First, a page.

to want to have a broadband connection. You don't have to have one...no wait, yes
you do. But don't get me wrong, it sounds like an amazing deal and people I
know who are on it seem to be pleased with it.
It kind of reminds me of a documentary I watched on drug
addiction on HBO. They asked this pretty young kid how he got hooked on crack...how
he could afford it and what not. Well, he admitted the first few times the
dealer he got it from gave it to him. Hah, of course he did, or else he might
not have tried it. By giving him a few free hits and getting him hooked, the
kid kept coming back for more and more and more. You get the point.
So, Sony...the publisher for the gamer by the gamer...offers
some free games to those who have Plus (and a broadband connection) to download...FREE.
Gamers get so used to getting games this way, why not just click a few buttons,
pay for a brand new game, and download it from the comfort of your couch,
recliner, roller chair, stool...or whatever else you happen to be sitting on when
you play your Playstation. It's a brilliant tactic - gamers get something out
of the deal while Sony is slowly transitioning them towards a digital distribution
Is there anything else Sony and/or Microsoft can do to push
the transition along.
Why yes...yes there is. It's the cable TV - On Demand feature.
I used to be a DISH Network customer until very recently and
now I'm a COMCAST cable TV (and Internet) customer. Comcast has this On Demand
feature with all sorts of movies. New movies, old movies, and movies in
between. The way they market some of them is genius.
Rent this movie now - while it's still in theaters.
Rent this movie now - before it is available on Netflix.
Rent this movie now - before it is available in the Redbox.
Hmm. So let me get this straight. I can rent this movie...right
here, right now...without going to pick it up at the Redbox located at the local Wal
Mart or 7-11...without waiting for it to come in the mail...without braving the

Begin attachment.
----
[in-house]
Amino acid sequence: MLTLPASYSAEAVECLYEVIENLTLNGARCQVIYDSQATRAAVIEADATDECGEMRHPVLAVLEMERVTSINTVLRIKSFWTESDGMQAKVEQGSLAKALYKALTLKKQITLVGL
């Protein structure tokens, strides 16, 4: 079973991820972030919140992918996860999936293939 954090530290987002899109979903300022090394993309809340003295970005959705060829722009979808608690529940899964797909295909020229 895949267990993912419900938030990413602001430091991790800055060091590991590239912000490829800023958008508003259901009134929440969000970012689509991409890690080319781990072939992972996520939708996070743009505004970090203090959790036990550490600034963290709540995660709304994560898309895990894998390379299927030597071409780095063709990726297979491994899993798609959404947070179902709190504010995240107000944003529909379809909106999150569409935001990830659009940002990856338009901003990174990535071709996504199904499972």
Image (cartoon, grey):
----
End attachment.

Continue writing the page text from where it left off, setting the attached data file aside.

crowds and going to the theater where I will pay 3 or 4 times more for the
ticket (not counting the overpriced popcorn, drink and candy). That kind of
right here, right now?
Hmm...so Xbox One with its persistent online connection and
Playstation 4 with its free game giveaway adopt this same practice, and we very
well might see...
Pre-order the game, download it ahead of time and be the
first to play it.
Buy it now, download it and play before it's released in
Download the game and get it for $10 bucks off (or how much
Ask yourself this...
How much cheaper could
a digital version of a game be to make you consider downloading it instead?
How much earlier
access would you need to make you consider downloading it instead?
This isn't only possible, it happens now. I don't know if
the consoles have done this yet (I don't download too many games on my console...YET)
but I know it happens on PC. You can buy and pre-load games on Steam and once
they are released the game is unlocked. This prevents download delays due to
server congestion once the game is officially released.
You can literally play a game a second after it is released
Could this be the future of our next generation console gaming
and the push towards digital distribution?
I can't say for sure - I'm just a gamer like you...but
it seems to make sense to me...and very likely. Whether that's good or bad, well...I'll
leave that up to you to decide